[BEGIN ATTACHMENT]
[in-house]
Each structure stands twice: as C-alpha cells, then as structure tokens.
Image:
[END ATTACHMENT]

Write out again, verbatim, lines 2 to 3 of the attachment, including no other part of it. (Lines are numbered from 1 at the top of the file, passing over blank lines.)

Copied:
Each structure stands twice: as C-alpha cells, then as structure tokens.
Image: